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The skeleton tree
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A modern-day adventure and classic in the making, in the vein of The Call of the Wild, Hatchet, and The Cay, by award-winning author Iain Lawrence.
Less than forty-eight hours after twelve-year-old Chris sets off on a sailing trip down the Alaskan coast with his uncle, their boat sinks. The only survivors are Chris and a boy named Frank, who hates Chris immediately. Chris and Frank have no radio, no flares, no food. Suddenly, they've got to forage, fish, and scavenge the shore for supplies. Chris likes the company of a curious, friendly raven more than he likes the prickly Frank. But the boys have to get along if they want to survive.
Because as the days get colder and the salmon migration ends, survival will take more than sheer force of will. Eventually, in the wilderness of Alaska, the boys discover an improbable bond--and the compassion that might truly be the path to rescue.
Trade Reviews
School Library Journal Review
Gr 4-7-After the death of his father, Christopher goes on an extended sailing trip with his beloved Uncle Jack and a mysterious older boy, Frank, who clearly does not like Chris, although the reason is unclear. Then, in a turbulent storm, the boat sinks. Uncle Jack, who had returned to the cabin for flares, goes down with it. The lifeboat with the two boys on board eventually washes ashore in a remote area of Alaska. Finding an abandoned cabin and catching spawning salmon seem to be their only means of survival. Frank is surly and injured, while Chris is naive-almost to the point of helplessness; he is afraid to be in the wilderness but also reluctant to stay with Frank. Although they are drawn together by their circumstances, the bond between the two boys is tenuous. Chris befriends a curious raven who helps him explore their surroundings and offers him true companionship. The skeleton tree and a bear that seems to stalk the characters give the story a dark and foreboding tone. This is not a typical survival tale, and fans of Hatchet may be disappointed, as the boys grow very little as survivalists and there is less adventure. Instead, the focus is on the rocky and evolving relationship between the two boys. Though Frank is cruel and Chris is innocent, readers come to understand that each boy is much more than he appears. VERDICT Fans of Touching Spirit Bear by Ben Mikaelsen (HarperCollins, 2001) will find this a similar read.-Patricia Feriano, Montgomery County Public Schools, MD © Copyright 2015. Library Journals LLC, a wholly owned subsidiary of Media Source, Inc. No redistribution permitted.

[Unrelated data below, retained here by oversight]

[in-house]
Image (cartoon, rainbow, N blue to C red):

Booklist Review
Twelve-year-old Chris' mother is at first dubious about letting him fly to Alaska to join his daredevil uncle Jack in sailing down the coast, but she quickly relents, thinking that maybe a bit of adventure is what the boy needs. And an adventure is what he gets. Arriving in Alaska, Chris is surprised to learn that he will have another shipmate on the voyage: sullen, obnoxious 15-year-old Franklin. The two natural antagonists are left together to survive in the wilderness when their boat sinks and Uncle Jack is lost at sea. Will the boys remain enemies or will they affect a rapprochement in order to survive? And what is the significance of the eerie, desiccated tree they find, its limbs holding four coffins containing skeletons? Told in Chris's first-person voice, there is little original in this survival story, but the characters are well developed and the plot is fast-paced and suspenseful. Gary Paulsen and Will Hobbs fans will doubtlessly welcome this one.--Cart, Michael Copyright 2015 Booklist
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